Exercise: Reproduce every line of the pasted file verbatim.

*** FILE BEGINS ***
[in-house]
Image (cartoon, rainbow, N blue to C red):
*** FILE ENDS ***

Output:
[in-house]
Image (cartoon, rainbow, N blue to C red):